During ischaemia, the glycolytic pathway (Embden-Meyerhof) is up regulated in an attempt to produce ATP anaerobically. However, this is short-lived due to negative feedback on the key glycolytic enzyme phosphofructokinase by accumulating lactate. Fructose-1,6-diphosphate (FDP), a high energy intermediary metabolite of this pathway, is unique in that is enters glycolysis distal to this inhibitory site. Exogenously administered FDP should therefore theoretically yield ATP independent of lactate accumulation and thereby ameliorate ischaemic injury. Clinical benefit has been shown in coronary artery bypass grafting (CABG) surgery, congestive cardiac failure and adult respiratory distress syndrome. Ischaemia-reperfusion injury induced by cardiopulmonary bypass (CPB) presents clinically as an impairment of myocardial function in the postoperative period. At a cellular level this reflects myocardial metabolic changes and nucleotide degradation (directly linked to high energy phosphate turnover). Quantification of myocardial nucleotide catabolite release therefore provides useful information regarding intermediary metabolism and cytoprotection conferred to myocardial (inosine, uridine) and endothelial (hypoxanthine) tissue. The authors investigated the myocardial cytoprotective effects of FDP in 16 patients scheduled for elective CABG surgery. Aortic and coronary sinus blood were collected directly into liquid nitrogen and analysed by high performance liquid chromatography prior to CPB and at different time points after reperfusion. FDP was administered intravenously in 8 patients and 5% dextrose was administered in 8 other patients. Analysis of transmyocardial (coronary sinus-aortic) nucleotide metabolite levels showed increased release of inosine, hypoxanthine and uridine in both the FDP and the control groups following reperfusion. However, compared to baseline (pre-aortic clamping) values, hypoxanthine and inosine concentrations were significantly elevated at 0, 1, 5 and 10 minutes following reperfusion in the control group. This was in contrast to earlier recovery to baseline levels (after 5 minutes of reperfusion) in the FDP group. Furthermore, when compared to control group, the hypoxanthine and inosine concentrations were significantly decreased by FDP treatment. Uridine concentrations were significantly elevated at 1 and 5 minutes in the control group and no significant change was observed in the FDP group. In conclusion, these data suggest that FDP, through an intermediary metabolic effect, may contribute to myocardial and endothelial cytoprotection during the ischaemic insult of cardiac surgery.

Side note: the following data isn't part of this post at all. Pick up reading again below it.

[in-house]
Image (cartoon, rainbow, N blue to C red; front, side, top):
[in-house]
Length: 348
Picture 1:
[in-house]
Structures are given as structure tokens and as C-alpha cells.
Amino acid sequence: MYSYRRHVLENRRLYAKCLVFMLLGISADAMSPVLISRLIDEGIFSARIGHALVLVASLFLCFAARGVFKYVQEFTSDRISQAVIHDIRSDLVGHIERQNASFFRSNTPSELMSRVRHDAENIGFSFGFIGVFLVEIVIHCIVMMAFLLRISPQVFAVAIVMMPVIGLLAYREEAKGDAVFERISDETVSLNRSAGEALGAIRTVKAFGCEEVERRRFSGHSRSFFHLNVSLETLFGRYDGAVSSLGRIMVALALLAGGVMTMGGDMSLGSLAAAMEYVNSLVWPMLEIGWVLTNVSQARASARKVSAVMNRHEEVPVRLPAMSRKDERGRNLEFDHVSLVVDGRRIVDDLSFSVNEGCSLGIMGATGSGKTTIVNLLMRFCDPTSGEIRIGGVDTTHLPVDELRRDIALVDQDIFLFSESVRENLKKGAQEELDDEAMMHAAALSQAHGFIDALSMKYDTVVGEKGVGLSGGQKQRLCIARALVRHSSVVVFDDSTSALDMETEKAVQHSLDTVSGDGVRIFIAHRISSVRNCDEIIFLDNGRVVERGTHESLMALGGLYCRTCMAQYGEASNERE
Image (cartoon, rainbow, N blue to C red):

|Translated title of the contribution||Effect of fructose-1,6-diphosphate on myocardial purin and pyrimidin metabolism during coronary artery bypass grafting surgery|
|Number of pages||5|
|Publication status||Published - Sep 10 2000|
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